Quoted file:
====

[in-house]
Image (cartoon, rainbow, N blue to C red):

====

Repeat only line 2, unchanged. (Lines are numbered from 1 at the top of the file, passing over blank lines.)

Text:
Image (cartoon, rainbow, N blue to C red):